In what felt like a miniature playoff series, the Tampa Bay Lightning and Carolina Hurricanes wrapped up a four-game set with a 3-1 win on Thursday night. Thanks to inclement weather and power outages in Texas, the Dallas Stars had to postpone two more games against the Bolts and send the NHL scrambling as they made schedule changes across the league.
Coming off losing two of the three previous games against the Florida Panthers, the Lightning were sitting in fourth place in the Central Division behind the Panthers, Hurricanes, and Chicago Blackhawks when the Lightning learned that they would be heading to Raleigh earlier than originally scheduled.
This schedule change would set up four meetings between the Lightning and Hurricanes over the course of six days, with each team hosting a pair of games. The atmosphere was heavy with playoff aspirations as two of the top teams in the Central Division battled it out to climb further up the standings.
Nedeljkovic Earns First Career Shutout
The first game of the mini-series started out much the same way these two teams’ first game of the season ended — with the Lightning being unable to score. In fact, the Lightning was only able to manage 24 total shots in the game, 13 of those shots coming in the second period alone. Hurricanes goalie Alex Nedeljkovic was never really tested but made all the saves he was tasked with when the Lightning was able to generate what little opportunities they had. Andrei Vasilevskiy allowed three or more even-strength goals for only the third time all season, registering 24 saves at the other end for the Bolts.
While the offensive struggles against the Hurricanes continued for the Lightning, the game was lost due to poor puck management by the wingers in the defensive zone. A lost battle behind the net by Alex Killorn led to the puck squirting up the boards to Martin Necas who threw it on the net. The puck bounced off Killorn before Vincent Trocheck was able to jam it past Vasilevskiy. On the second goal, Brayden Point and Ondrej Palat were unable to connect on the breakout as the puck bounced off Palat’s foot and out of the reach of his stick. Andrei Svechnikov was quick to slide the puck down to Sebastian Aho, who raced past Ryan McDonagh and beat Vasilevskiy up high.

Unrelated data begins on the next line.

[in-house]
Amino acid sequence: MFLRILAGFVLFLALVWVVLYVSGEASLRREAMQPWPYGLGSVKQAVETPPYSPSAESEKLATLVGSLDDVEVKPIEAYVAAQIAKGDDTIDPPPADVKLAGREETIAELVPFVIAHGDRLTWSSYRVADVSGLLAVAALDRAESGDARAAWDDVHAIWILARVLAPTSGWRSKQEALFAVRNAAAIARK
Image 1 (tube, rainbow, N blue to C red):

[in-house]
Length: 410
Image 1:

The bad luck did not end there. Early in the third period Jordan Martinook outmuscled Alexander Volkov for the puck in front of Vasilevskiy before ex-Lightning Cedric Paquette buried home a shot from the slot. With a three-goal lead in hand and a suffocating defense in front of him, Nedeljkovic had all he needed to secure his first career shutout as the Hurricanes took the first game, 4-0.
Barre-Boulet and Colton Make Debuts
After two scoreless games against the Hurricanes, head coach Jon Cooper and the Lightning were beginning to feel the sense of urgency for a win. For the first time in a long time while on the road, Cooper did not start the Blake Coleman-Yanni Gourde-Barclay Goodrow line together. In fact, Cooper did some line shuffling in hopes of generating more offensive chances, including adding Patrick Maroon on the first power-play unit and bringing up Alex Barre-Boulet for his first NHL game. While these changes saw the Bolts jump out to a quick 11-1 shot advantage, the Hurricanes struck first as Jesper Fast scored on the Canes third shot of the game.